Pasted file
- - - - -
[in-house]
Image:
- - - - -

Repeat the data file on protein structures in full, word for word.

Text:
[in-house]
Image: